Box Sizing

I just discovered that CSS3 has a box-sizing directive that determines the way the browser handles the padding attribute. This directive appears to be supported by most major browsers.

Adding the following code at the top of a CSS sheet will cause the padding attribute to behave intuitively:

* {
box-sizing: border-box;

I spent hundreds of compensated hours dealing with problems created by the box-sizing model used in Firefox, Opera and Chrome; So, I am really excited to start using this new feature of CSS.

But, I also admit, this new directive makes me angry. There should never have been a market with two different box-sizing models. The reason for the confusing box-models is political.

What happened is: Thugs at W3C wanted to punish Microsoft (which was acting like a monopoly). They encouraged Firefox, Chrome, Safari and Opera to adopt an unintuitive box model that increases the size of a box when one adds padding.

The term “intuitive” refers to the way we expect things to happen in the real world. If you had a 10″ box and lined it by 1″ padding; you will reduce the interior of the box by an inch on each side. The interior of the box will be 8″.

WC3 says adding padding to a box will increase the size of the box … which doesn’t happen.

Netscape, the first popular web browser, used the intuitive box-sizing model. Microsoft adopted this de facto standard for Internet Explorer.

Opera, Firefox and Chrome adopted the unintuitive box model. This means that boxes would be different sizes on different browsers. The two boxes below have width=200px. a 5px border and 10px padding. The box shows up as different sizes on Chrome and IE.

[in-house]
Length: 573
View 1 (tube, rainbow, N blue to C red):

This is how the box would appear on Firefox and Opera.

This is how the box would appear on Netscape and Internet Explorer.

The following line is 200px.

Because the WC3 encouraged use unintuitive box-sizing, the boxes would be rendered differently on different browsers.

I am not the only person who had problems with this. Web Designers around the world spent millions of man hours trying to create web designs that would render well under both box-sizing styles.

Politicos at W3C wanted everyone to blame Microsoft. But it was the politicos at W3C who caused the confusion in the market.

I added an article on box-sizing to my primary web page. The article recommends that web designers use the intuitive border-box model.

I recommend that web-designers use the intuitive box model. But in doing so, I believe it important that people remember that the reason that box-sizing is such a challenge on the Web is because the technorati at W3C were playing political games. They wanted to punish Microsoft to reward their friends.

Authored By y-intercept blog

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